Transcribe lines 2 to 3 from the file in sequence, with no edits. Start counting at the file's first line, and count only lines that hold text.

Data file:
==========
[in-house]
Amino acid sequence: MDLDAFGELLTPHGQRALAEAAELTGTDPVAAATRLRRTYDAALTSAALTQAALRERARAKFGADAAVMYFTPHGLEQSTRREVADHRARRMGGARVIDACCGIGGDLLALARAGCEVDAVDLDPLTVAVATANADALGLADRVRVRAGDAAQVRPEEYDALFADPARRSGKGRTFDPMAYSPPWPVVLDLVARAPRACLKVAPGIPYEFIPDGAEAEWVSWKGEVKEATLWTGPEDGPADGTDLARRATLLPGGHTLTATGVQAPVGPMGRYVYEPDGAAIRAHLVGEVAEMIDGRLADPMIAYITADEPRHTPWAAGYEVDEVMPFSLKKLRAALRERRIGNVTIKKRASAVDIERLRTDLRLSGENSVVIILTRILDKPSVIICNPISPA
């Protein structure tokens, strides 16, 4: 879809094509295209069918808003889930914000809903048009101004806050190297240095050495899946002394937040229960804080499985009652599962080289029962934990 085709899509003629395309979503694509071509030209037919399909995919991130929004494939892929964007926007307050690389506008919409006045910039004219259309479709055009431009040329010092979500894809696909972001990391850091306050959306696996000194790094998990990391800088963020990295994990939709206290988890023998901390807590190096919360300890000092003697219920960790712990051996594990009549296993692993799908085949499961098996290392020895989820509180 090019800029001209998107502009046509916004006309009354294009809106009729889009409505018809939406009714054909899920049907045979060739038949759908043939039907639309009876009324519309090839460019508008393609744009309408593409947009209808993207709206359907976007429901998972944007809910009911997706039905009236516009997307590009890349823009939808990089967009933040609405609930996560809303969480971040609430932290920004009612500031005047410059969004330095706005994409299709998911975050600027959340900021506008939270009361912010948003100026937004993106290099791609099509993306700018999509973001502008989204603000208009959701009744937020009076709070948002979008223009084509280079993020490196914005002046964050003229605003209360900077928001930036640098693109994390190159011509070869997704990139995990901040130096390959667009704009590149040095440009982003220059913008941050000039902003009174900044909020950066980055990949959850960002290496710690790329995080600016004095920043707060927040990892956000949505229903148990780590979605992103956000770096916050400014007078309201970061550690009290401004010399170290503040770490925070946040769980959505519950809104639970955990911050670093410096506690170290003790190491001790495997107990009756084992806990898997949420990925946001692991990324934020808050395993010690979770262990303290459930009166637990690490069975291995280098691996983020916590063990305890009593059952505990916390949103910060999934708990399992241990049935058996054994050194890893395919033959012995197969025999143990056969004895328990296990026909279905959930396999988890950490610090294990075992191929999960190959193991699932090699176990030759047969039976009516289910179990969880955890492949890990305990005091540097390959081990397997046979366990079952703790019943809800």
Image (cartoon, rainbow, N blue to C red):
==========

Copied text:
Amino acid sequence: MDLDAFGELLTPHGQRALAEAAELTGTDPVAAATRLRRTYDAALTSAALTQAALRERARAKFGADAAVMYFTPHGLEQSTRREVADHRARRMGGARVIDACCGIGGDLLALARAGCEVDAVDLDPLTVAVATANADALGLADRVRVRAGDAAQVRPEEYDALFADPARRSGKGRTFDPMAYSPPWPVVLDLVARAPRACLKVAPGIPYEFIPDGAEAEWVSWKGEVKEATLWTGPEDGPADGTDLARRATLLPGGHTLTATGVQAPVGPMGRYVYEPDGAAIRAHLVGEVAEMIDGRLADPMIAYITADEPRHTPWAAGYEVDEVMPFSLKKLRAALRERRIGNVTIKKRASAVDIERLRTDLRLSGENSVVIILTRILDKPSVIICNPISPA
């Protein structure tokens, strides 16, 4: 879809094509295209069918808003889930914000809903048009101004806050190297240095050495899946002394937040229960804080499985009652599962080289029962934990 085709899509003629395309979503694509071509030209037919399909995919991130929004494939892929964007926007307050690389506008919409006045910039004219259309479709055009431009040329010092979500894809696909972001990391850091306050959306696996000194790094998990990391800088963020990295994990939709206290988890023998901390807590190096919360300890000092003697219920960790712990051996594990009549296993692993799908085949499961098996290392020895989820509180 090019800029001209998107502009046509916004006309009354294009809106009729889009409505018809939406009714054909899920049907045979060739038949759908043939039907639309009876009324519309090839460019508008393609744009309408593409947009209808993207709206359907976007429901998972944007809910009911997706039905009236516009997307590009890349823009939808990089967009933040609405609930996560809303969480971040609430932290920004009612500031005047410059969004330095706005994409299709998911975050600027959340900021506008939270009361912010948003100026937004993106290099791609099509993306700018999509973001502008989204603000208009959701009744937020009076709070948002979008223009084509280079993020490196914005002046964050003229605003209360900077928001930036640098693109994390190159011509070869997704990139995990901040130096390959667009704009590149040095440009982003220059913008941050000039902003009174900044909020950066980055990949959850960002290496710690790329995080600016004095920043707060927040990892956000949505229903148990780590979605992103956000770096916050400014007078309201970061550690009290401004010399170290503040770490925070946040769980959505519950809104639970955990911050670093410096506690170290003790190491001790495997107990009756084992806990898997949420990925946001692991990324934020808050395993010690979770262990303290459930009166637990690490069975291995280098691996983020916590063990305890009593059952505990916390949103910060999934708990399992241990049935058996054994050194890893395919033959012995197969025999143990056969004895328990296990026909279905959930396999988890950490610090294990075992191929999960190959193991699932090699176990030759047969039976009516289910179990969880955890492949890990305990005091540097390959081990397997046979366990079952703790019943809800």